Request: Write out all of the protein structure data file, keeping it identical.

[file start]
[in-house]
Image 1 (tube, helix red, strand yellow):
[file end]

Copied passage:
[in-house]
Image 1 (tube, helix red, strand yellow):